southern exposure.

In Umbria Marco Caprai’s Sagrantino and Sangiovese have faired well,

predicting excellent results, thanks to the cooler September. According

to Riccardo Cotarella, Umbria’s wines have done well. However, as is

the case for many of 2003 wines throughout the whole of Italy, due to

climatic conditions high levels are shown for pH, alcohol and tannins,

while not enough in the anthocyanins. This could raise some doubts on

2003 being an age-worthy vintage.

According to Francesco Bardi, GIV’s MD for Fontana Candida in Lazio and

Bigi in Orvieto, Lazio’s whites faired very well, especially the older

vines with deeper roots, while in Umbria yields were down by at least


Vines everywhere suffered serious stress from drought. They developed

high sugar levels and in some cases clusters were overexposed to

sunlight because of sparse foliage. In these ‘extreme’ conditions, the

vines that suffered most were the younger plants with relatively shallow

roots. Older vineyards reacted well and, depending upon exposure and

soils, suffered little harm.


After a normal winter with cold and rainy spells spring came early, and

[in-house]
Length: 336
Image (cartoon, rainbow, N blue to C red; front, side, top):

so did the budding. A short frost in early April killed many of the

tender buds, lowering production levels. There were record high

temperatures during the summer (average 33-35˚C in the day, peaks over

40˚C, and 24-26˚C at night) in Tuscany and Umbria. Harvesting began on

average two weeks earlier than usual. Rain fell on 25 August in some

zones which led to a revision of schedules, especially for late-ripening



Central Italy’s production levels were down compared to 2002. According

to Assenologi figures, Tuscany and Abruzzi were down by 15%, Umbria by

15%, Marches by 15% and Lazio by 5%.



Southern whites will be low in acidity but with good aromatic profile.

Later ripening reds such as Nero D’Avola fared well in colour, aroma and

tannins. According to Franco Giacosa, winemaker to Zonin Vienyards,

Puglia did better than Sicily. ‘The reds are ripe and well balanced,

especially the early varieties such as Merlot. Primitivo is also rich

and well-balanced, however, yields are considerably down,’ said Gaicosa.

In high-altitude Campania, despite higher than average temperatures,

Irpinia and Sannio wines were saved from drought, thanks to regular

rains in July, August and September. According to Enzo Ercolino of

Feudi di San Gregorio it is going to be an excellent vintage, especially

for Campania’s top Aglianico wine, which is similar in quality to 2000

and 2001. ‘The wines are well-structured and the levels are all under

control, in particular good acidity levels and promising elegance and

longevity,’ said Ercolino. The same verdict was also given by Piero